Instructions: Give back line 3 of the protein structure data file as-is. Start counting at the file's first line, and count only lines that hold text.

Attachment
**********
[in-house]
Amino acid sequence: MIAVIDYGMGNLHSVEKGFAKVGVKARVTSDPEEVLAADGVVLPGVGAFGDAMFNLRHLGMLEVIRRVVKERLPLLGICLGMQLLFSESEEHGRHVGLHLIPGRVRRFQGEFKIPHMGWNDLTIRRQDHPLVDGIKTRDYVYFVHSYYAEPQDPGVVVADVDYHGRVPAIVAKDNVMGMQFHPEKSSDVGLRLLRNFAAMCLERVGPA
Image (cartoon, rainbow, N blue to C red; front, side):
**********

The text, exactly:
Image (cartoon, rainbow, N blue to C red; front, side):